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Chinese New Year celebrations in Kolkata highlight tradition and mobility

For Christopher Chen, celebrating the Chinese New Year with his extended family and old friends in Kolkata, India, is very special as it reminds him of many childhood memories during Spring Festival celebrations in his locality.

"This year we have managed to spend time in Kolkata, our hometown, and celebrate the New Year with our extended family and old friends and neighbors," said Chen, who had spent his childhood in the Tiretta Bazar area and participated in lion dances. Chen had left Kolkata two decades ago for Canada after he got a good job in Toronto.

The Chinese community in Kolkata, in India's eastern state of West Bengal, celebrated the Chinese New Year in a traditional way with a great deal of fanfare and extravagance. The community, though declining, organized plenty of events, including lion dances, fireworks, a food festival, and the lighting of Chinese lanterns, with the celebrations taking off on February 10 in the two Chinatowns of Tangra and Tiretta Bazaar in central Kolkata, India's only surviving Chinatowns.

The four-day celebrations emphasized the ethnic variety of the city and provided a sample of the history, traditions, customs, and lifestyles of the community. Since the late 18th century, when Chinese first arrived in Kolkata, the community has celebrated the Lunar New Year, the largest traditional Chinese celebration, annually. Many Chinese gathered in Tangra and performed the Lion Dance on Feb 11.

This year, it is remarkable that many Indian-origin Chinese people whose roots are in Kolkata and who had migrated to Canada, Australia, Europe, the Middle East, and other Indian cities from Kolkata decades ago for education, jobs, and better opportunities have returned to Kolkata just to celebrate the Chinese New Year in their hometown with their relatives, old friends, and neighbors.

Local people with Chinese roots gather in Tangra and organize Lion Dance to mark the Chinese New Year on Feb 11, 2024. [Photo provided to]


The Chen family is one of these returnees. They arrived from Canada after six years. For Christopher in his late 50s, the best part of the festival is family reunion.

Chen's family is one of the few ethnic Chinese Indian families who still call Kolkata their home. Chen's paternal grandfather, who came to Kolkata during World War II from China.

In the late 90's, around fifty to sixty lion dance groups used to take part during the festival in the Tiretta Bazar area, but now the number has reduced to just four or five, lamented Thomas Chen, another Indian-origin Chinese. Thomas is also the joint secretary of the Indian Chinese Association for Culture, Welfare, and Development.

Most Chinese in the city are of Hakka and Cantonese ethnicities. Francis, a third-generation Indian-origin Chinese pop singer, has flown to Kolkata from Bengaluru to celebrate this biggest traditional event with his family members and old friends in central Kolkata.

For many years, the community has been organizing cultural events like singing and dancing at Pei May Chinese High School, a Chinese school located in Tangra. In the 80's and 90's, many popular musical bands used to perform live music for the whole night each of the four days of the New Year on the school premises, recalled Francis. This year, many cultural events have also been organized, and many food stalls came up in the school, but it has lost its old pomp and grandeur due to the dearth of the new generation of Chinese, said Francis, who had spent his childhood in central Kolkata.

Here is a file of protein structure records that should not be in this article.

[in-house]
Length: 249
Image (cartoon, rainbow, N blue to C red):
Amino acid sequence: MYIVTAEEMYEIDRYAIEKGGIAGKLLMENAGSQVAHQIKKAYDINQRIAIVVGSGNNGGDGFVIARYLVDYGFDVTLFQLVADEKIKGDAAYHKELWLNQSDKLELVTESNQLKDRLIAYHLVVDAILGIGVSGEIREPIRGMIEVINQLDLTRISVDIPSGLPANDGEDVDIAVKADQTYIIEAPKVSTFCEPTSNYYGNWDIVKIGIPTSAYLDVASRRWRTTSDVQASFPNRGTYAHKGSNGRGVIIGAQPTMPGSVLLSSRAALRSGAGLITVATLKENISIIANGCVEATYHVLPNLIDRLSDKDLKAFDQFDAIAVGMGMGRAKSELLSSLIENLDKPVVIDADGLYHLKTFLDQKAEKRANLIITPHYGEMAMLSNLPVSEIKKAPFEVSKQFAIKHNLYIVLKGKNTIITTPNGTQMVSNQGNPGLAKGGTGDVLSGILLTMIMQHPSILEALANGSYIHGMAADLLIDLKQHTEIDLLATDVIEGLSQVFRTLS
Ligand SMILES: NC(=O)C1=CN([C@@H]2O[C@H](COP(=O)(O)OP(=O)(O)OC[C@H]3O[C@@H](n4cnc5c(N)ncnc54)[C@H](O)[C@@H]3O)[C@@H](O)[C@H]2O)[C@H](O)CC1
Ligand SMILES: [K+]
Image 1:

It is nostalgic to meet my relatives, neighbors, and old Chinese and non-Chinese school friends in Kolkata, said Francis.

Pei May Chinese High School is one of the city's last Chinese schools that closed down many years ago due to the dearth of a new generation of Indian-origin Chinese. Nowadays, the children have grown up, and generally, there is a dearth of children in the community as most of the new generation has moved out of the city for a better future and livelihood, according to Thomas Chen.

"The city's Chinese community gets along well with other communities, and we all take part in each other's celebrations throughout the year. Local non-Chinese people have become an integral part of the Chinese New Year celebrations," said Janice Lee, a Chinese entrepreneur and third-generation Chinese in Kolkata.

Kolkata once boasted a significant population of over 20,000 ethnic Chinese-Indian nationals living in Tiretta Bazar (Old Chinatown) and Tangra (New Chinatown) in east Kolkata, with their own schools, social clubs, festivals, and newspapers.

Now around 1,500 of them still live here, said Chen, expressing worry that if the migration continues, there's "a high chance that the Chinese community might vanish" from the city within the next few years.

The community needs support, opportunity, and encouragement to arrest the declining numbers, added Chen.

Records cited by historians Zhing Xian and Tansen Sen in their paper "The Chinese in South Asia" (published in the Routledge Handbook of the Chinese Diaspora) show that in the latter half of the 18th century, a few hundred Chinese migrants had come to Calcutta (now known as Kolkata) on ships that arrived from Canton, now Guangdong province, of China.

But the most well-known "first" settler was a tea trader named Yang Dazhao, nicknamed Atchew, who received a land grant from the then British governor-general Warren Hastings in 1778 near Budge Budge, on the eastern bank of the Hooghly River. Atchew set up a sugar mill on the plot in the area, now called Achipur, and began to bring laborers from China.

By Aparajit Chakraborty

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